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Keynote: Vinton Cerf

Filed in: accessibility, CSUN2004, tech, Wed, Mar 17 2004 16:45 PT

Last year, Ray Kurzweil carried the audience fifty years forward at the CSUN keynote. (Which turned out to be about fifty years further than many apparently wanted to go.) So this time around, we have another guy who is deeply rooted in our technical history, and looking

Overheard during the intro: “Have you heard of this guy?” “No, who is he?” Argh.

He started by talking about MCI Mail. His boss told him: “To do the impossible, first you have to believe it isn’t.” Power corrupts; PowerPoint corrupts absolutely. (Woohoo! Tufte speech! References to McLuhan! I’m in heaven!) So, he knows PowerPoint isn’t the greatest thing for speeches, but he’s going to use it anyway. There are now 800 million to 1 billion Internet users, with the US and Canada, Europe and Asia sharing equally in numbers. Asia/Pacific is going to be a huge source of growth. He predicts up to 2.7 billion users by 2015. It tapers off slightly after 2006 because of the diminished capacity to fund the infrastructure in the third world.

He showed a photo of a coin-op laundry in Belize that has added Internet service. He found 36 Internet cafes in Ghana.

Cerf explained why IP is so cool: it doesn’t care what its medium is, or what it’s carrying. He showed his “IP on Everything” t-shirt. (I love that story.) Now, he wants a t-shirt that says “IP under everything.” There are Internet fridges and picture frames. (He said he thought that was “about as useful as an electric fork.” When he thought about it, though, he thought it was pretty cool: only two buttons on the thing, manages the things it does well, and you can now have stock quotes or scores, whatever. He now has a half-dozen of them spread around his family.) Their presence, he says, implies a lot about what is about to happen. The ability to bring in relays, speech to text to speech, is a part of Internet architecture. So we can see these applications as the “tip of an iceberg-sized collection of functionality.”

Video conferencing, which was once seen as the “holy grail”, could come to pass as a result of video games implementing that functionality cheaply in one package. He’s talking about radio frequency identifiers (RFIDs). Wal-Mart and Procter & Gamble are all about that because of stock maintenance. (I got what I think was my first RFID at SXSW this week.) He’s joking about Internet fridges using RFIDs to detect contents, and then use that data to determine what needs to be repurchased. (What’s frightening is that when I was working in online grocery, we were thinking about this stuff.) So he mentions that there are Japanese companies making Internet scales. He mused, what if the scale could talk to the fridge? (Big laughs.)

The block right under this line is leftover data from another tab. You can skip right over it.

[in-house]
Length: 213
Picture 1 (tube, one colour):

Next, the Internet wine cork. Imagine recording wine information on an RFID, and when the wine turns out not to have been good, you can ask what happened from the bottle, and the bottle can report back that back in 1985, it was in a room that was 104 degrees. (Maybe okay for madeira, but bad for other wines.) And Internet socks, so you can check the house for that one missing sock. Of course, there are security issues all over that, he says.

Now, he says, I’m not a designer of assistive technologies. He talks about Sigrid, who received a cochlear implant at age 50 after being deafened at age 3. There’s a computer that’s an important part of the implant. She said she turned into a “50-year-old teenager.” She even chatted up the AT&T operators, despite her husband (Cerf) being a vice president at MCI. Started listening to books on tape to learn how words she recognized in print were pronounced. She called the library to subscribe to books on tape. “They said, ‘You’re blind, aren’t you?’ And she said, ‘No, I’m deaf.'” Sigrid attaches a mic to people to talk with them, and she’s “not afraid to use this technology visibly.” She once took the mic off of Sam Donaldson when she wanted to talk to someone else. He says, don’t be ashamed to use technology visibly. Encourage people to be “fearless about using these auxiliary technologies.”

Naturally, Cerf wants to wire her implant device to the Internet, so she can hear data directly in her head. Though that is likely to be bad for cheating students, he supposes. It’s now possible to do various translations: amplification, sign, real-time captioning. “It’s that combinatorial power that I think is so exciting.” He wants to take these technologies from being assistive to being augmentative for people without disabilities. He wants that voice in his head, too. (And, really, accessibility has historically served this purpose: optical character recognition is just one example of systems that were widely used for accessibility purposes before it ever reached the broad market.) So “while you’re at it,” assistive technology developers, think about what other things you can do with the technology. Use standards to interoperate. (Yes! Listen and heed, assistive technology vendors.)

“I think there are people who abuse the intent of the ADA.” On the whole, though, the execution of ADA has been beneficial.

“Standards create interoperability.” He mentions the World Summit on the Information Society. He says he feels assistive technologies haven’t been adequately addressed, and he plans on raising that point at their next meeting in New York. But he shouldn’t be the only one. He wants people to get informed and involved in that, and make people creating Internet applications more aware of accessibility implications.

He says that devices “are just a receptacle for software” to enhance experience. Think about what around you can be fixed or made better by giving it more applications. (Provided they don’t just get 300 keys on all of them, I hope.)

Great plenary session. For a moment, I forgot I was stuck in Los Angeles.

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